Southern Railway Co. v. Hall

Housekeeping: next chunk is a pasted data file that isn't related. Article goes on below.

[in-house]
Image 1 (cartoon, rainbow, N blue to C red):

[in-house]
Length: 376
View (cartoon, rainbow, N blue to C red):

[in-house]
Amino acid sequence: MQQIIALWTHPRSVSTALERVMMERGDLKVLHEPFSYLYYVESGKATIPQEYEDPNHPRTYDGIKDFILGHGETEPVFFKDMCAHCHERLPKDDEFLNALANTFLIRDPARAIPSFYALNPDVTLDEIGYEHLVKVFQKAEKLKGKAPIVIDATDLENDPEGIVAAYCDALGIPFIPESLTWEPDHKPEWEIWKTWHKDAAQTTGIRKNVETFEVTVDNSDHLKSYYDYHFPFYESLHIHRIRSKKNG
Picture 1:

In Southern Railway Co. v. Hall, 267 Ala. 143, 147, 100 So. 2d 722, 725 (1957) the Court held that the trial court erred in granting the petitioner a right-of-way because the petitioner already had an existing means of access to his lands--the "clay pit crossing." In that case, the petitioner had sought a right-of-way over the lands of the defendant railroad company, a right-of-way that would have been more convenient than the clay pit crossing. This Court, construing 18-3-1 (then codified at Title 19, 56, Code of Ala. 1940), stated: "The obvious purpose of the statute is to provide a means whereby a landowner, enclosed on all sides by lands of others and unable to get to his land from a public road or highway, can get relief by condemning a right of way to it across intervening land. However, if such landowner already has a reasonably adequate way to and from his land, there is no field of operation for the statute. On the other hand, if there is no reasonably adequate means of access he may acquire, as provided in the statute, 'a convenient right of way not exceeding in width fifteen feet over the lands intervening and lying between such tract or body of land and the public road nearest or most convenient thereto.' But the fact that a presently existing means of access is not as desirable to the landowner as another route would be is not the test. If an existing access is reasonably adequate for the purpose of giving the landowner an outlet to a public road or highway, there is no basis under the statute for condemning another outlet across the intervening land. One owner of a tract of land may consider an access road best for his purposes and a later owner of the same land, for his purposes, might consider another route more desirable and convenient. Thus, it can be seen that if the convenience of the owner were the test, the land of an intervening owner might well be burdened with several rights of way across it, the number varying in proportion to the different uses to which the several successive owners might put the land. We do not think the purpose of the statute was to do more than to assure that land which is not adjacent or contiguous to a public road or highway can be reached from such a road or highway. In other words, the burden is on the petitioner for a right of way to show that he has no reasonably adequate outlet. We do not think the evidence shows that appellee's use of the 'clay pit' crossing is attended with any difficulty except that it connects with his land near its southern portion and not near its center where he proposes to erect his home. No doubt it would be a convenience for appellee to have an outlet nearer the location of his proposed home. But we do not think the statute authorizes the taking of lands of another as a mere matter of convenience. In this connection, we quote the following from State ex rel. Carlson v. Superior Court, 107 Wash. 228, [232,] 181 P. 689, 691: "'So it may be said that, notwithstanding a statute gives a landlocked owner the right to condemn a way of necessity over the lands of a stranger, it is not a favored statute, and the taking will not be tolerated unless the necessity is paramount in the sense that there is no other way out or that the cost is prohibitive, for it must be borne in mind that, after all, this is a condemnation proceeding. We are taking the property of one man and giving it to another.'" (267 Ala. at 146-47, 100 So. 2d at 724-25.)